Providing Access and Opportunity: These two concepts go hand in hand. After establishing a community, it is imperative that we continue to facilitate connections both within and outside of that community. BITT curates opportunities designed to connect emerging Black tech and telecom leaders to industry veterans, thought leaders, and those with the resources needed to propel their careers and forge deep connections. We share career opportunities, fundraising events, and service activities. BITT is fueled by the desire to centralize and equitize tech and telecom opportunities.
Being Intentional About Promotion of Diverse Voices: While tech and telecom companies suffer generally from a lack of Black representation, this failure is most notable at the top. This is true across the economy, as we know: In the entire Fortune 500, there are only five Black CEOs. BITT collaborates with hiring professionals at leading tech and telecom companies to identify strategic opportunities for its members and advise on best practices at those companies. BITT also leverages its network to identify internal referrals for impactful roles.
Through our work with BITT, we have already seen a positive impact on our own careers. We're proud to be part of a law firm that supports these efforts and grateful for the many professionals from private industry, government agencies, nonprofits, and other groups who are helping us boot up the Black future in tech and telecom. Together we will work to help transform an industry that is so meaningfully transforming our lives.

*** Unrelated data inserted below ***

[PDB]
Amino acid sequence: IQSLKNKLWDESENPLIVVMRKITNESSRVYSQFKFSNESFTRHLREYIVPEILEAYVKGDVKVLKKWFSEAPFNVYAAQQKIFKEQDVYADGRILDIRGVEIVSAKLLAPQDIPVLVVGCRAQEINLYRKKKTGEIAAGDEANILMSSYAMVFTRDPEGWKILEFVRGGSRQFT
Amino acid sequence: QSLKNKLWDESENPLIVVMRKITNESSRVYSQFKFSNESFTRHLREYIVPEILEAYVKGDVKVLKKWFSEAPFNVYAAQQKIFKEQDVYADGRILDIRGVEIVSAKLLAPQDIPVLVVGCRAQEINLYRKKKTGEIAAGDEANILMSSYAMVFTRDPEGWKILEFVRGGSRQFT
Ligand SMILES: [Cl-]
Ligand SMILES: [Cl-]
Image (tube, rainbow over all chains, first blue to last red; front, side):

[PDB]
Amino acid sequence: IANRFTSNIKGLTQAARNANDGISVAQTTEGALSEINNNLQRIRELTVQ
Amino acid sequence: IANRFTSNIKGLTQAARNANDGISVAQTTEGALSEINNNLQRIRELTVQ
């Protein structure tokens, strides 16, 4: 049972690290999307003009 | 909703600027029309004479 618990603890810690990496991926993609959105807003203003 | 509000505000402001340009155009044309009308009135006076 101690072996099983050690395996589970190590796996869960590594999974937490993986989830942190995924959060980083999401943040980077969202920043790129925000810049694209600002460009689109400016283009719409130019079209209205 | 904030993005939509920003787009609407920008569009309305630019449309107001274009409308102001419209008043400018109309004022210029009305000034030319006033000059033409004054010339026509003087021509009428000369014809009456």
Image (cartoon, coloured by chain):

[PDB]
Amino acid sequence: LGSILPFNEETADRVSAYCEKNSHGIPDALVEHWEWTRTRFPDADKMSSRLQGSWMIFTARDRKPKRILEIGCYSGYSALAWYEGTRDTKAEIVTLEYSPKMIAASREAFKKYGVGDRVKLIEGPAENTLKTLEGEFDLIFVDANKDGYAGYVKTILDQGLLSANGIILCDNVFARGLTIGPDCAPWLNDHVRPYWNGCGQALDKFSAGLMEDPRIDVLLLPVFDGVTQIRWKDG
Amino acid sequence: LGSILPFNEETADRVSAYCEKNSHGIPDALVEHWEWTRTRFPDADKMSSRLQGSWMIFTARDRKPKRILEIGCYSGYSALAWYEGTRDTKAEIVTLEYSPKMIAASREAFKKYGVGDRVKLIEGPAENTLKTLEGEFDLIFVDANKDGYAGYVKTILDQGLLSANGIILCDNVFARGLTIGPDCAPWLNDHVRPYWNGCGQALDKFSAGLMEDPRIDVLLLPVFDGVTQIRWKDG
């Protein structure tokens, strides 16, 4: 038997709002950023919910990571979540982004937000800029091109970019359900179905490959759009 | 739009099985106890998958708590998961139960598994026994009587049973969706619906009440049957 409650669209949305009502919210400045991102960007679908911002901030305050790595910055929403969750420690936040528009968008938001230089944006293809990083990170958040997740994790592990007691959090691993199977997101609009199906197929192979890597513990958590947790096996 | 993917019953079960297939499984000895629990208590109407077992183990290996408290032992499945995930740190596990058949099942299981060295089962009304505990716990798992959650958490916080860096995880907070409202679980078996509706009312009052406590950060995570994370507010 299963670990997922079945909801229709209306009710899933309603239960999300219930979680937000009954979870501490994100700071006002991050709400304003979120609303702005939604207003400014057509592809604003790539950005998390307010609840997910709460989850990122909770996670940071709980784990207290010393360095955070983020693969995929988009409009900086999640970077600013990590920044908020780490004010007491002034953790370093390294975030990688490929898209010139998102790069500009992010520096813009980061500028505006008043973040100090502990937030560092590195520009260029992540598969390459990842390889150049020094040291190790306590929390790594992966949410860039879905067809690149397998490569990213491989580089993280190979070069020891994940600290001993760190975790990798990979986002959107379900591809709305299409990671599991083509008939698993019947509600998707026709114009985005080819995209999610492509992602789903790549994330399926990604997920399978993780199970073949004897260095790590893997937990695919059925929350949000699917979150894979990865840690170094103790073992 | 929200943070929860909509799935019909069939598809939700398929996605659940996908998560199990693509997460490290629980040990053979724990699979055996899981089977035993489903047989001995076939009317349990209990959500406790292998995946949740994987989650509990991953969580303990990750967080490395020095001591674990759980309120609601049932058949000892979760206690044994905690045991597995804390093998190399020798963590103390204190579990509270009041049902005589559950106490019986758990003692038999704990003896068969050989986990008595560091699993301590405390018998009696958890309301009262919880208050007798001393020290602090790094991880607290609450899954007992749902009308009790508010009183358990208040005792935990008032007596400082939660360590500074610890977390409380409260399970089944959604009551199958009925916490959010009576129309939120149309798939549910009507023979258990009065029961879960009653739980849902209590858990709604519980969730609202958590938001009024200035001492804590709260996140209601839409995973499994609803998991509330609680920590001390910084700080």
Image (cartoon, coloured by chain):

Project W x Black & Brown Founders Celebrate Black Woman Founders During Black History Month
To ensure the success of all woman founders, it's critical we amplify the voices of those who are most underrepresented in the workplace, boardroom, and startup ecosystem. That's why Project W is proud to partner this month with Black & Brown Founders to honor the stories and celebrate the successes of Black woman founders who leverage their vision, creativity and powerful voices to change our lives for the better.
Follow us on LinkedIn, Instagram, and Twitter throughout the month to learn about these women and how they're building a future that’s more sustainable and more equitable. We'll also be sharing posts from Black & Brown Founders as they spotlight woman game changers as part of their Black History Month campaign that challenges investors to "Bet on Black." Follow them at @BBFounders and Twitter and Instagram.
Q&A With Dana Kanze
by Dana Kanze, Assistant Professor of Organisational Behaviour, London Business School
An Assistant Professor of Organizational Behavior at London Business School, Dr. Dana Kanze has performed extensive research on the gender gap in venture capital funding and is a regular and valued contributor to Project W programming. Dana has conducted a master class at three of our Women Entrepreneurs Boot Camps during which she teaches investors and founders to interrupt bias in the VC pitch process based on insights gleaned from her groundbreaking research. Dana and her colleagues' most recently published research reveals the "industry fit" problem that female founders face when they are building companies in traditionally male-dominated industries. Dana recently shared her insights and some advice for investors as to how to overcome this bias.
Q: Based on the observational and experimental studies you and your co-authors conducted, you concluded that investors penalize female founders for lack of industry fit. Tell us more about what you discovered.